Wednesday, February 10, 2010

Preservation Link Roundup 2/10/10

LAist gives a quick overview of Community Supported Agriculture (CSA) programs in LA (Taking a Look at L.A.'s Community Supported Agriculture Programs). CSA's are not only a good way to get a regular supply of fresh produce, but as many CSA recipients will tell you ... you'll often end up with an excess of something. That means, of course, that you will have plenty of stuff to preserve as well.

CSAs aren't the only way to get a plethora of fresh produce for preserving. The Kitchn has a list of other things you can do to prepare for summer: "if you want to enjoy the full bounty of summertime, this is the time to start thinking about where your food will be coming from" (6 Things You Can Do Now to Eat Locally This Summer). Yep, and start planning on what you want to can.

Speaking of CSAs, my friend and fellow Master Food Preserver Delilah Snell of the green Road Less Traveled Store shares a concept for Community Supported Artisan Goods, or CSAG (CSA, CSF and Perhaps, CSAG??):
members of the CSAG will receive a monthly or bi-monthly basket containing a number of preserved goods. at least 6 jars but up to 10 of items like: apple butter, pickles, jams, salsas/condiments, but also dried foods or salted items (beef jerky??). all made from local, organic ingredients. just like a regular CSA, you would pick up this "basket" with your other fresh items or they can be available at drop-offs at farmers' markets.
Department of "Why Didn't I Think of That?"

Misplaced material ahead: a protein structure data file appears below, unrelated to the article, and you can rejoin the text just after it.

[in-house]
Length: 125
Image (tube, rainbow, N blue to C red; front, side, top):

Anarchy in a Jar shares a recipe for Key Lime and Smoked Salt Marmalade. Smoked salt ... of course! I'm a huge fan of smoked salt. It is a simple and delicious way to bring smoke flavor to all sorts of dishes. Usually it is best added to a dish just before serving, as a finishing salt. It looks pretty, adds texture (crunchy salt flakes), and plenty of flavor (a perfect garnish!).

This recipe makes me think ... why not add smoked salt to already existing jams or jellies when served? Of course you have to match the flavor. There are many types of smoked salt, each with its own particular flavor: hickory, maple, applewood, cherrywood, alder, and oak are just some of the more common varieties. And of course, there are many other options for preserves. Lemons and smoke go really well. Smoked Salt/Lemon Marmalade, obviously. But why not add a little smoked salt when making preserved lemons. You wouldn't want to use all smoked salt, but some smoked salt would make an interesting preserved lemon.

Speaking of preserved lemons, last night I made a delicious spread with goat cheese, minced preserved lemon peel and a healthy amount of parsley.

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